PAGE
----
Best Book Winner: Professor Kano Biographies in English
What English language biography of professor Jigoro Kano does Martial History Team recommend?
When I (Richard) started Martial History Team in late January 2020, I said that the goal of the project was to promote martial arts history based on sound evidence and sourced research.
Since then, readers have been able to consume a lot of content from the project, through a Facebook page, this blog, Instagram, Twitter, and, thanks to team member Matthew Krueger, via a podcast.
Along the way I published a post on the criteria I use when evaluating sources. That guided my selections.
Today, I'm happy to present the first reading recommendation. Here I will list the 8 biographies of professor Jigoro Kano that I read, and share the title which I believe is the best English-language biography available to the average reader.
The following are the 8 titles in consideration. The title links to an Amazon page, if available, or to the publisher. The rating links to my review at Martial Journal, if available.
- The Father of Judo by Brian N. Watson, 2000, 4 stars
- Three Budo Masters by John Stevens, 1995, 4 stars
- Mind Over Muscle by Jigoro Kano; Compiled by Naoki Murata; Translated by Nancy H. Ross, 2005/2012, 5 stars
- The Way of Judo: A Portrait of Jigoro Kano and His Students by John Stevens, 2013, 5 stars
- Saving Japan's Martial Arts by Christopher M. Clarke, 2011, 3 stars
- Jigoro Kano And The Kodokan: An Innovative Response To Modernisation by Kanō Sensei Biographic Editorial Committee; Compiled and translated by Dr. Alexander Bennett, 2009, 5 stars
- The Legacy of Kano Jigoro: Judo and Education by The Committee for the Commemoration of the 150th Anniversary of the Birth of Jigoro Kano; Translated by Tom Kain, 2020, 5 stars
- Judo Memoirs of Jigoro Kano by Brian N. Watson, 2008, 5 stars
Removing a Few Contenders
Although I read these 8 books, and others which contain biographical material, not all 8 really qualify as "the best English-language biography available to the average reader."
Three Budo Masters is a biography of three people, so its coverage of Kano is too short compared to the full-book titles.
Mind Over Muscle is a fine book that I recommend reading, but it is a mix of autobiography and writings.
Jigoro Kano And The Kodokan: An Innovative Response To Modernisation is another fine book, but it is not easily available to the average reader. One would likely have to buy a copy from a small number of vendors through auction or specialty book sites, as I had to do.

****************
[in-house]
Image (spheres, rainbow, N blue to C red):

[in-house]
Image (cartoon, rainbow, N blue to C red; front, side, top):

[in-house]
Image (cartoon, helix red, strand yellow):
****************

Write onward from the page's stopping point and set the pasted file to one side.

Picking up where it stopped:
The Legacy of Kano Jigoro: Judo and Education is another great book, but it is similarly not easily bought. Vendors appear to be starting to carry it, but the price is still high and supply is limited.
Aside from Three Budo Masters, however, I would recommend that Kano researchers buy and read all three of these titles.
The Runners Up
From lowest to highest recommendation, we now have:
4. Saving Japan's Martial Arts received 3 stars, mainly due to relying on shaky secondary sources like Wikipedia and various unsourced articles on the Internet. It's still an interesting book.
3. The Father of Judo received 4 stars, mainly due to the use of invented dialogue. That was very frustrating for anyone trying to determine if the scenarios in the book actually took place.
2. Judo Memoirs of Jigoro Kano received 5 stars, but it does not make the top spot because it is, like Mind Over Muscle, a mix of biography and writings. It is still a must-read as a 5-star book, and I own it in Kindle and hardcover format because I like it that much.
|The Way of Judo by John Stevens
While I suggest reading nearly all of the books in this post, if I had to pick a single English-language biography of professor Jigoro Kano, it would be The Way of Judo: A Portrait of Jigoro Kano and His Students by John Stevens.
It spends the right amount of time leading the reader through professor Kano’s life. However, it also explains how he founded and grew judo. It then explains key students and associates. Most unusually, compared to other books, it spends time talking about the sort of person Kano was. The book is one of the few I’ve found that names his children and shares a few words about each. In that sense it felt more like a rounded-out biography.
I enjoyed reading all of the books listed in this post, and I hope it helps guide your reading choices. My reviews contain more details on all of these titles. They are available at Martial Journal and Amazon. The latter requires that Amazon sells the book, which might not be the case for some titles.
I'm aware that there are many excellent biographies in other languages on professor Kano, particularly in Japanese. Unfortunately, they are out of the reach of my current language skills. I can work with some texts in French, as I posted earlier.
What do you think of these books? Do you have any other recommendations?
The picture at the top is from the Kodokan.